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[ISN] LexisNexis: Files May Have Been Breached
By JANE WARDELL
April 12, 2005
LONDON (AP) - Criminals may have breached computer files containing
the personal information of 310,000 people, a tenfold increase over a
previous estimate of how much data was stolen from information broker
LexisNexis, the company's parent said Tuesday.
Last month, London-based publisher and data broker Reed Elsevier Group
PLC said criminals may have accessed personal details of 32,000 people
via a breach of its recently acquired Seisint unit, part of Dayton,
Ohio-based LexisNexis. LexisNexis is a Reed subsidiary.
Reed said it identified 59 instances since January 2003 in which
identifying information such as Social Security numbers or driver's
license numbers may have been fraudulently acquired on thousands of
Information accessed included names, addresses, Social Security and
driver license numbers, but not credit history, medical records or
financial information, the company said.
Reed spokesman Patrick Kerr said that the first batch of breaches was
uncovered by Reed during a review and integration of Seisint's systems
shortly after it purchased the Boca Raton, Fla.-based unit for $775
million in August.
Seisint provides data for Matrix, a crime and terrorism database
funded by the U.S. government, which has raised concerns among civil
liberties groups. The Matrix database was not involved in the breach,
the company has said.
Seisint's databases store millions of personal records including
individuals' addresses and Social Security numbers. Customers include
police and legal professionals and public and private sector
The company said the 59 identified instances of fraudulently obtained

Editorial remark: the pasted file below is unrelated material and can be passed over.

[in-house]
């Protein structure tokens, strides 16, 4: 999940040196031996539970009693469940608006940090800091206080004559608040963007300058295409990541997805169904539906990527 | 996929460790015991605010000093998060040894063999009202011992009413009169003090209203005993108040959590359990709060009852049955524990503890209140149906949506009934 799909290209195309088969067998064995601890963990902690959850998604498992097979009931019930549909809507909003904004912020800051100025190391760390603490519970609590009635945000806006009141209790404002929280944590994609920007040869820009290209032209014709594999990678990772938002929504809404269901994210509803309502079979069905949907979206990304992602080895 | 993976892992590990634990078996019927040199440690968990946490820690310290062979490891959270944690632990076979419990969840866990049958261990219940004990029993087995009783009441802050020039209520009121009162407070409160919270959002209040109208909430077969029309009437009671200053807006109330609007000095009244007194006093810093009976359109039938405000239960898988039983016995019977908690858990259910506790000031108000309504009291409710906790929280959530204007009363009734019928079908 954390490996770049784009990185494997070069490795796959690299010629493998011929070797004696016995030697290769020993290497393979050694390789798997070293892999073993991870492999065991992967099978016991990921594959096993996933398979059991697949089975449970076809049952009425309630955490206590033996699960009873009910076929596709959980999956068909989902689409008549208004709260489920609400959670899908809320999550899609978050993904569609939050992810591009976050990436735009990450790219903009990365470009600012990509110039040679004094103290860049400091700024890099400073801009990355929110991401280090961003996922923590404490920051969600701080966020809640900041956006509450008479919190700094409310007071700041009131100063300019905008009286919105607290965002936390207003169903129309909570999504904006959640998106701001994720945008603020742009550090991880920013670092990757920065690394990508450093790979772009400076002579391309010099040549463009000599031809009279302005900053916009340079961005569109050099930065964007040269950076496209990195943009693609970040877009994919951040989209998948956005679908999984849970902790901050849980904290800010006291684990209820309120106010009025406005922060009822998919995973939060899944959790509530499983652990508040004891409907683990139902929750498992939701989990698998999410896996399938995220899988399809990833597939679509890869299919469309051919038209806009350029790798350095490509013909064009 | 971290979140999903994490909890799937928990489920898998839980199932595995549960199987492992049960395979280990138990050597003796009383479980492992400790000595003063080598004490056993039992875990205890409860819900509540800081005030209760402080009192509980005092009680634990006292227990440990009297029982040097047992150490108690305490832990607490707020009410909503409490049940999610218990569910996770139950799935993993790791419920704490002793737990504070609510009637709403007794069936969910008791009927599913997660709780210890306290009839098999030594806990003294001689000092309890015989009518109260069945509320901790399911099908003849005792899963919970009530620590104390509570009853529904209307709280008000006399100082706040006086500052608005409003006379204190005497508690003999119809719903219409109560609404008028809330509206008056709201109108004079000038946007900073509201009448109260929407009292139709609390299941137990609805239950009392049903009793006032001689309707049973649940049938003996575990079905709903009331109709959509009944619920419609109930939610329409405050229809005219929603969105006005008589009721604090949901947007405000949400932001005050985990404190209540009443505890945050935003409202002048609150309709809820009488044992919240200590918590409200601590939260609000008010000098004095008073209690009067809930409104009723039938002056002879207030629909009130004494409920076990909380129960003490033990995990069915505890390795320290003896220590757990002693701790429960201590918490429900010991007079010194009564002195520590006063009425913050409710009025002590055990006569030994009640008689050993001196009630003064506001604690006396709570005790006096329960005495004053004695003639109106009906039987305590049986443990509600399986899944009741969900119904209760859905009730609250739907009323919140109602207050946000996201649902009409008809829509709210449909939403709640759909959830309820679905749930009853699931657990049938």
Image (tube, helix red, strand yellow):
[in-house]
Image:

information - 57 at Seisint and two in other LexisNexis units - are
largely related to the improper use of IDs and passwords belonging to
legitimate customers. It stressed that neither LexisNexis nor the
Seisint technology infrastructure was breached by hackers.
Kerr said the company has since ensured that the system is watertight
by improving login systems and security checks.
He said only 2 percent of the 32,000 people it notified about the
possible theft of their personal information in March have contacted
LexisNexis to accept its offer of free credit reports and credit
monitoring, and none has so far advised LexisNexis that they have
experienced any form of identity theft.
However, LexisNexis Chief Executive Kurt Sanford said Tuesday that of
the 32,000 who were notified, law enforcement officials have
identified 10 who investigators believe may have been victims of
identity theft. He said it is unclear whether those possible thefts
are related to the breach at LexisNexis.
Investigators said only three of those people appeared to have been
the victims of financial fraud, Sanford said.
The breach is being investigated by the FBI's cyber-crime squad in
Cincinnati. FBI spokesman Mike Brooks would say only that the agency
is pursuing leads.
Rep. Edward Markey, D-Mass., who has introduced legislation designed
to increase protections of consumer data, said LexisNexis turned a
blind eye to customer protection.
But Sanford said LexisNexis had initiated the review and notified
"We're going to fix this," he said. "The congressman's statement
overreaches and mischaracterizes the situation."
Reed Elsevier played down the effect of the breach on its profits,
reaffirming its target of higher earnings and at least 5 percent
growth in revenues excluding acquisitions.
The breach at Seisint is the second of its kind at a major information
provider in recent months. Rival data broker ChoicePoint Inc. (CPS)
announced last month that the personal information of 145,000
Americans may have been compromised in a breach in which thieves
posing as small business customers gained access to its database.
In the ChoicePoint scam, at least 750 people were defrauded,
authorities say. The case fueled consumer advocates' calls for federal
oversight of the loosely regulated data-brokering business, and
Capitol Hill hearings on the topic were held last month and are
continuing this week.
Reed Elsevier specializes in the education, legal and science sectors,
publishing more than 10,000 journals, books and compact discs, as well
as almost 3,000 Web sites and portals. It also organizes 430 trade
exhibitions. The LexisNexis division specializes in legal and business
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